Relationship Between Medical Genetics and Public Health: Changing the Paradigm of Disease Prevention and the Definition of a Genetic Disease

Relationship Between Medical Genetics and Public Health: Changing the Paradigm of Disease Prevention and the Definition of a Genetic Disease

Relationship Between Medical Genetics and Public Health: Changing the Paradigm of Disease Prevention and the Definition of a Genetic Disease

Abstract

Over the past decade, medical genetics has emerged
as an important and powerful medical specialty with
increasing appreciation of its role and function among
the medical specialties. This emergence is related to a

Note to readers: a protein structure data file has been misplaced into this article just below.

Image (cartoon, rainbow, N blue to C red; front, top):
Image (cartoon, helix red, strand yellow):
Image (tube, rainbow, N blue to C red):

great extent to the progress in the Human Genome
Project which promises wide-ranging applications in
the diagnosis, treatment and prevention of human diseases [Hoffman, 1994]. Nevertheless, discussions about
the role of genetics in preventive medicine and public
health rightfully lead to ethical, legal and social concerns about general applicability of genetic testing in
the population [Garver, 1994; Holtzman, 1989]. The
interpretation of the word prevention in the context of
genetic diseases leads to the unavoidable discussions of
genetic engineering, prenatal diagnosis and selective
termination, as well as broader concerns about discrimination in health care coverage, employment and
in society.

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